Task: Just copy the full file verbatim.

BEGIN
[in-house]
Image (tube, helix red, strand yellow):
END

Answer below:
[in-house]
Image (tube, helix red, strand yellow):